High Speed Packet Access (HSPA) technology, the most widely used mobile broadband technology, has made it possible to download more data faster on third generation (3G) mobile broadband networks. The mobile telephony protocol improves the speed and capacity of current wideband code division multiple access (WCDMA) wireless broadband networks by more efficiently using the broadband spectrum. Evolved HSPA (HSPA+) uses the spectrum more efficiently, allowing for higher peak data rates and fewer delays in data transmission. These key differences between HSPA and HSPA+ generally make the second a more efficient choice for 3G networks.
The main advance in HSPA over older technologies is improvement in the protocols, or communications rules, that facilitate the movement of voice and data packets between hand-held devices and base stations. Communications network engineers work to improve the speed, amount of data per channel, number of channels, error detection, and methods of data encoding and decoding. As a result of these more efficient protocols, users of broadband-hungry multimedia services can download content quicker. Users, for example, are less likely to experience the delayed buffering of video that was indicative of older generation air interface protocols.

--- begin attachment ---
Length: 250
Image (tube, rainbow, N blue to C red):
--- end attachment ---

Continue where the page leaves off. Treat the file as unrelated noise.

HSPA is the combination of high speed downlink packet access (HSDPA) and high-speed uplink packet access (HSUPA) protocols. It downloads at a peak data rate of 14 megabits per second (Mbps) and uploads at 5.8 Mbps. Specifically, it optimizes the use of the WCDMA radio bandwidth by increasing the transmission rate, sharing channel transmission, shortening the time between transmission intervals, and improving the modulation and amplitude of the signal.
The plus in HSPA+ signifies an even faster and more efficient use of the spectrum. This technology provides peak download rates of up to 56 Mbps and peak uploads of 22 Mbps. The most significant advance in HSPA+ is that it can operate on an all-Internet protocol (IP) architecture — the evolutionary goal of mobile telephony. An IP architecture makes more direct connections within the broadband network, helping to lower the cost of moving a megabyte of data and reduce latency — the delays in information processing typically unnoticeable to humans. The result is an always-on connection and improved response times.
HSPA and HSPA+ technology are based on the Global System for Mobile Communications (GSM), used by 80% of carriers worldwide. Network providers are upgrading to this technology, and continuing to improve the speed and capacity of high-speed data transmissions. Handset makers are keeping pace by introducing a broad range of compatible cell phones and smart phones.